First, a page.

Nick Nelson [00:31:47] Yeah. Yeah. And Ezra, I'm definitely curious to hear what you have to say about this, but I think in my experience, one thing that I am learning and observing is that especially with clients, sometimes they genuinely don't know when they are projecting these things. I think, you know, if it's bias showing up, it's some of those kind of, you know, inherent things that they may have brought to the table. And so my experience, which has been pretty successful in the past, is just addressing it head on, you know, stopping in that moment and saying, hey, I heard you say this thing. What did you mean by that? And that is a very intentional question. As we were talking about earlier. It creates space. It creates a space to talk through it. No judgment, but also to educate and kind of point out why that might not be okay or point out, you know, what a different way to articulate that opinion may be, but also to ask questions. You know, I, I work with a bunch of people who don't work in the DEI or multicultural engagement or things like that. And so I have to understand that a lot of people don't know. A lot of people don't sit in forums like this and have these conversations. And so with clients in particular or even with colleagues, you know, I think we have a I don't want to say a responsibility, but I do think we have an opportunity to try to get to it in that moment. I think where we may need to do some more work is letting it linger or letting it pass. Right. Because then you've not only signaled that whatever this person said was okay, but that's you're okay with it, right? And so I think there's a way to get into that conversation and have it come out of it with an educational moment, an opportunity. And then to your second question, I think. I think it's such an interesting position to be in. Right. And I think it goes back to what we were talking about earlier, you know, creating space for someone to show up however they want. Right. And if they are out and proud, as we say, great was lean into that. Let's build it. You know, I want to shout out Laura and the equal team for all of the work that they're doing, not just, you know, with the yards these, but then bringing in some of those experts to talk about the impact on our community, but then also how that impacts the broader community. Right. I don't think perspectives like that are hurt. And then as we're all transitioned to you, but one thing that you said that I always kind of keep in my brain is brave. I've never had to be, quote, brave. Right? I exist as who I am. I show up and take of space. I've not had to go through that experience that you have and I've not had to do it publicly. I've not had to kind of navigate the things like that on top of, you know, the cultural situation that you're in. So I applaud you and people like you who are willing to bring those educational opportunities to us. And like I said to Lauren and Mo, you know, all of these things that we just don't think about, you know, that I don't think about because I don't have these question marks. I don't have things that may signal something else to someone. And so I really just want to appreciate you guys publicly and openly for that kind of work and how it advances this exact conversation that we're having.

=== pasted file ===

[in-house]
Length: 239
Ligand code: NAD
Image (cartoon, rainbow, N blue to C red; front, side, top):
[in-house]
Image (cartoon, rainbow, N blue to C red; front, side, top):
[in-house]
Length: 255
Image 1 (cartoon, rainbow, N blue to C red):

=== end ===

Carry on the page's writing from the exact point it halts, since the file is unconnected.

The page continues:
Monica Czeszak [00:35:38] I just wanted to add that. I think not everyone can relate to how huge that is. But I think we all when we go back to ourselves, we know about fear. We all fear something and the size of the fear and the importance of having that backup. But another thing I would say, we know things are hard in Brazil. We have a lot of violence against the trans community especially. And we know in different parts of the world we have different regulations and laws. So it's very different in contexts. What kind of fear you have when coming out, when reaching out for help and making those connections. But I think it's important for us to also see the hope in that, and they will hear it in your voice. They won't see your face, but the little flesh in your eyes and you're saying how much better he was than you expected and all the support you get. And I think we have to keep that in mind because we know there's a lot of bigoted people. We know there's a lot of conservative people. We know there's a lot of. Evil in the world. But there's also hope, there's also connection. There's also friendship and and help sometimes where you least expect and people can change and people can learn and we can build those networks that are accommodating and comfortable and resourceful to others. So I just wanted to bring out hope from your story, because I think we need to remind ourselves of that.